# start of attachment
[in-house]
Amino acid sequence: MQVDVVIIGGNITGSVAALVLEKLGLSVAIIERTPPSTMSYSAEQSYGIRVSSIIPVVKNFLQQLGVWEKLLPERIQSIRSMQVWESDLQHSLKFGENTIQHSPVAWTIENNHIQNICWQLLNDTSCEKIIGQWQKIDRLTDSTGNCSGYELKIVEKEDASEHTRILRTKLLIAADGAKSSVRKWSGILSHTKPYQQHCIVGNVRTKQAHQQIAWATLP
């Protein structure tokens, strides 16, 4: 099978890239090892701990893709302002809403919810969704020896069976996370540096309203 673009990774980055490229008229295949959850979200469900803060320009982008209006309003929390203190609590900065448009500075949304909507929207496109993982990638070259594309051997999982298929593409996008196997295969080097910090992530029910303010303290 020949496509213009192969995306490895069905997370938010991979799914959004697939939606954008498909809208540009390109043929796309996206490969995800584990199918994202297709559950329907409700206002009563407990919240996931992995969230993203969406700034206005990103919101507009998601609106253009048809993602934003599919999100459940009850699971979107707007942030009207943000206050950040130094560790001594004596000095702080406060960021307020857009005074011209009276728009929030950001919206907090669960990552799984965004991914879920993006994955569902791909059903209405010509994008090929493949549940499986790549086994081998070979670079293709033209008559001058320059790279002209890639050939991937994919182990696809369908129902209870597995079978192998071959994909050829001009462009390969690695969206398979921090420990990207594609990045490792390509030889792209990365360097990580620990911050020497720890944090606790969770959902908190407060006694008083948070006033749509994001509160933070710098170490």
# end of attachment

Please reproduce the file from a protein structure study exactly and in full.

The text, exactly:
[in-house]
Amino acid sequence: MQVDVVIIGGNITGSVAALVLEKLGLSVAIIERTPPSTMSYSAEQSYGIRVSSIIPVVKNFLQQLGVWEKLLPERIQSIRSMQVWESDLQHSLKFGENTIQHSPVAWTIENNHIQNICWQLLNDTSCEKIIGQWQKIDRLTDSTGNCSGYELKIVEKEDASEHTRILRTKLLIAADGAKSSVRKWSGILSHTKPYQQHCIVGNVRTKQAHQQIAWATLP
């Protein structure tokens, strides 16, 4: 099978890239090892701990893709302002809403919810969704020896069976996370540096309203 673009990774980055490229008229295949959850979200469900803060320009982008209006309003929390203190609590900065448009500075949304909507929207496109993982990638070259594309051997999982298929593409996008196997295969080097910090992530029910303010303290 020949496509213009192969995306490895069905997370938010991979799914959004697939939606954008498909809208540009390109043929796309996206490969995800584990199918994202297709559950329907409700206002009563407990919240996931992995969230993203969406700034206005990103919101507009998601609106253009048809993602934003599919999100459940009850699971979107707007942030009207943000206050950040130094560790001594004596000095702080406060960021307020857009005074011209009276728009929030950001919206907090669960990552799984965004991914879920993006994955569902791909059903209405010509994008090929493949549940499986790549086994081998070979670079293709033209008559001058320059790279002209890639050939991937994919182990696809369908129902209870597995079978192998071959994909050829001009462009390969690695969206398979921090420990990207594609990045490792390509030889792209990365360097990580620990911050020497720890944090606790969770959902908190407060006694008083948070006033749509994001509160933070710098170490």